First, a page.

IBC noted Tuesday that multi-unit condos are prone to water damage through accidental overflowing of toilets and bathtubs, as well as burst pipes and supply line failures. Risks that condominium boards should consider are high vacancy rates and the risk of having units occupied by tenants, who may not be as diligent in maintaining the units and getting to repairs.

“Higher tenancy rates can often lead to less oversight from the board of directors, which could lead to irregular maintenance or substandard repairs in the condo building,” IBC said.


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7 Comments » for How IBC is addressing hard market in condo insurance
  1. Joe Stonehouse says:

    -For older condos, get rid of the crane toilets from the 1970’s. Unbelievably they still exist.
    -Don’t allow unit owners to do their own plumbing (dishwashers, water filters, etc.). Hire licensed and insured plumbers.
    -Mandatory replacement of hot water tanks at 10 years old.
    -Two sided sinks with lower middle divider and remove the stopper on one side. Kitchen sinks for some unknown reason do not have overflows like other sinks.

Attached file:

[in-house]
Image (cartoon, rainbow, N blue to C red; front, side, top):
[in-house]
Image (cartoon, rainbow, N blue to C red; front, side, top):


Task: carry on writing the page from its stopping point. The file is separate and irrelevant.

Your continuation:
-Water sensors that trigger shut off. (example -getguardian.com/). These cost about $500 and for a 40 unit building this is $20,000. Cheap considering the water damage claims cost and the unit owners inconvenience.
    -Don’t run dishwashers and washing machines when not in the unit. (if renting advise renters).

  2. jen says:

    AND

    -stop treating policies like their purpose is for maintenance issues that cause small claims
    -require at least 2 members of each board to take educational seminars on condo insurance, maintenance prevention
    -listen to your insurance provider when they pull an inspection and complete the recommendations instead of arguing. if we’re saying you should do an annual survey on the individual water heaters, boilers in each unit don’t come back with “not our responsibility”, demonstrates a lack of awareness and a non willingness to prevent potential problems in the future
    – don’t wait until end of life on those assessments. if the plumbing is ending it’s life span start replacement sooner than later
    – require all tenant/unit owners to have a minimum liability limit of 2 million, once a year request those certificates of insurance to confirm

  3. william hazelton says:

    Reply to the above comment by Jen.